A dark state associated to carotenoid distortions (S*) can quench chlorophyll excitation in a Light-Harvesting Complex of plants

Nicoletta Liguoria, Pengqi Xua, Bart van Oorta, Ralph Bockb, Ivo van Stokkuma, Roberta Crocea
a
Department of Physics and Astronomy and Institute for Lasers, Life and Biophotonics, Faculty of Sciences, VU University Amsterdam, De Boelelaan, 1081, 1081, HV, Amsterdam, The Netherlands; bMax-Planck-Institut für Molekulare Pflanzenphysiologie, D-14476 Potsdam-Golm, Germany

Photo-induced oxidation represents a risk for the stability of both natural and artificial light-harvesting complexes (LHCs). In natural LHCs this is prevented via dissipation of the energy absorbed in excess through interactions between their pigments such as chlorophylls (Chls) and carotenoids (Cars) that create fast decay channels[1]. Cars have been proposed as possible internal quenchers, acting by dissipating Chl excitations via their short lived S1 low-energy state[2, 3]. We purified monomeric LHCs from a mutant of Nicotiana tabacum where astaxanthin is the only Car species. These LHCs are constitutively quenched. Femtosecond spectroscopy and target analysis revealed that the quenching proceeds via energy transfer to a short-lived (~8ps) astaxantin state, identified as S*. Thus, the S* state, previously reported to result from distortion of Cars, may serve in vivo as dissipative channel upon structural changes of the Cars bound to LHCs.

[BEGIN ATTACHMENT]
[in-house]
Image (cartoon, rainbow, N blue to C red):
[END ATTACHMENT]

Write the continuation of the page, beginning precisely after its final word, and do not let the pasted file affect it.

References

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